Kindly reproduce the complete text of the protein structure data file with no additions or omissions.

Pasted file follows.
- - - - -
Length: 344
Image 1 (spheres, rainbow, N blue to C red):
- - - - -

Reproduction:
Length: 344
Image 1 (spheres, rainbow, N blue to C red):